These gastro-truck guys may be hot, but, man, they can be hard to find. ’Specially if you’re not Twittering regularly. Tonight, Saturday, I’m in North Park, looking for the other famous San Diego food truck, Tabe. Right now I’m in the goth gloom of the Office, the bar on 30th near University. It’s around 10:00 p.m. That’s when I heard the Tabe truck was going to turn up. Tabe’s famous because it was started by the same Korean family that launched Kogi, a Korean-Mex BBQ truck in L.A. that’s based on the simple idea of putting Korean BBQ into tacos. In L.A. it has truly gone viral. Roy Choi, a chef who thought he was going to be stuck doing hotel banquets, has become a star. Over about a year, Kogi Korean Barbecue expanded to four trucks. They were given a Bon Appétit Award in 2009, while Food and Wine magazine named Choi “Best New Chef” for 2010. Kogi boasts more than 50,000 followers on Twitter.

Tabe (short for taberu, which means “to eat” in Japanese) also has food based on Korean-Mex fusion, though its recipes were created by a Japanese chef named Todd Ichinaga. Soon after, the Korean owners pulled out and sold Tabe.

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Comments

Founder April 7, 2011 @ 7:39 a.m.

Great story!

Also I'd add that the Business Improvement Districts (BID's) hate these trucks, since they provide great food at reasonable prices which reduces the number of customers that patronize local, usually far more expensive eateries!

The BID's have even gone to City Hall to get restrictions on where these mobile serving trucks can operate. North Park Main Street (aka NP BID) now has such restrictions in place, which means that locals must travel to South Park or beyond to get GREAT MOBILE food at a great deal!

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BlueSouthPark April 7, 2011 @ 9:40 a.m.

There is a great truck, Mariscos's, that is in the Gala Grocery Store parking lot every day (30th and Grape) in South Park. Marisco's sells fabulous smoked albacore tacos and all sorts of other fish hand-held food...yumm! The prices are very, very low and the quality is amazing.

And you are right, Founder, the constant biz promotion machine known as South Park Business Group (they'd love to be a BID and plan to be one someday) NEVER has even mentioned Marisco's in their promotion websites. It's obvious that independent, low-cost, non-alcohol-vending groups do not fit the BID model.

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Founder April 7, 2011 @ 11:20 a.m.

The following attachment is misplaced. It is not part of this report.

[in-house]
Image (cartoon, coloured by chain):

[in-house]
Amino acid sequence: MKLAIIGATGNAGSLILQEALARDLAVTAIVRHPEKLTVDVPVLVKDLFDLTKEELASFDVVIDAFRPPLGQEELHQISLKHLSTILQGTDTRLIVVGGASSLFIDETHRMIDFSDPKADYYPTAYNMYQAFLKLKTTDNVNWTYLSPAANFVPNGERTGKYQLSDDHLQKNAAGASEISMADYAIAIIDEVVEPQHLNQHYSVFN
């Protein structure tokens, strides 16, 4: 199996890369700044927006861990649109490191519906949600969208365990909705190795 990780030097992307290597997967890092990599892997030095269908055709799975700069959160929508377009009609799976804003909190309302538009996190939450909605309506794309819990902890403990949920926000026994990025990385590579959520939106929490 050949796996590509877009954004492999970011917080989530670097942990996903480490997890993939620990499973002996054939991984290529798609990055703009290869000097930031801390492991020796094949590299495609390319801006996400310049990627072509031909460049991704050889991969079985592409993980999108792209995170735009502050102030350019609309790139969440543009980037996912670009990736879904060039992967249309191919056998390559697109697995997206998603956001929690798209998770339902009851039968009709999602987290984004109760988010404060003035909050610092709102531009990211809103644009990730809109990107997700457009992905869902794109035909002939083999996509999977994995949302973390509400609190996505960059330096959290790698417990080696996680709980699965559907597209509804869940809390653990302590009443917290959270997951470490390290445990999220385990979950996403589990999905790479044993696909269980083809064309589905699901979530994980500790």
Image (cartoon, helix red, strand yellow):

That is THE place to eat fish taco's...

¸..>·.¸´¯`·.¸¸..>.¸¸..·

Excellent comment about the Commercialization of our Neighborhoods for the betterment of the local Business Districts, despite what is enjoyable by those that live within walking distance...

Protect Gala Foods before the City turns it into a housing Project that will remove the "coolness" from South Parks best kept secret!

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BlueSouthPark April 7, 2011 @ 1:26 p.m.

Man, that's a great fish design, Founder! I hope Gala doesn't get turned into a curb-to-curb infill project. Ordinary residents in South Park do NOT want that, but we don't really have a voice. Looking at the City's website for the GH community plan update, you can see that people who attend the CPU and are City employees, business owners, realtors, builders, and developers keep pushing the idea, by inserting comments like "the Gala property is underutilized." Underutilized??? I use Gala and its convenient parking all the time, and so do hundreds of other people. How do these sharks live with themselves?

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Founder April 8, 2011 @ 8:04 a.m.

These "$HARK$" LIVE FOR MONEY.

THEY ARE PART OF THE GREED FOOD CHAIN that contains:

Architects, Builders, Planners, Realtors + all the City Employees that service them and all the others that donate to get additional access to our Leaders to create even more Density!

BTW: "Underutilized" means that a property is not generating enough tax base for the City, so it should be DENSITIFIED (new word!) creating new revenue at the current tax level. If every property was sold every 5 years, then the City would be able to afford to pay the GIANT pensions to its Leaders and all their supporters...

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Founder April 8, 2011 @ 8:10 a.m.

"LIABILITY" for whom?

Certainly not the folks that own or work inside these mobile modern mecca's of mouthwatering meals...

When local business's become so powerful that "what is good for business" takes precedent over what is good for local residents then they have gone too far!

In many parts of San Diego, they have gone WAY too far already...

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HairPuller April 10, 2011 @ 10:31 a.m.

Great Read. Not being much of a social networker, can you our anyone tell me how to follow these trucks on Tweeter?

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BlueSouthPark April 11, 2011 @ 8:49 a.m.

Example: Just go to twitter.com/mihogastrotruck if you want that particular vendor. You can follow them, they can follow you...assuming you carry around a mobile and need to track food trucks, that's what you do. See their twitter page for details.